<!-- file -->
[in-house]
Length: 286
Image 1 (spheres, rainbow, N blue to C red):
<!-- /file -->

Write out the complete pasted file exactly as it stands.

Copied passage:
[in-house]
Length: 286
Image 1 (spheres, rainbow, N blue to C red):